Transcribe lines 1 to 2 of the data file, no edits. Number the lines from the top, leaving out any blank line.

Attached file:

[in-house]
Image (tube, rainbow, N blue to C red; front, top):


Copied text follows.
[in-house]
Image (tube, rainbow, N blue to C red; front, top):